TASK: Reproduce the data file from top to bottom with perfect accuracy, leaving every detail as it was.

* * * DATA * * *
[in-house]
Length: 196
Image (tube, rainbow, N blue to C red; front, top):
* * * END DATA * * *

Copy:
[in-house]
Length: 196
Image (tube, rainbow, N blue to C red; front, top):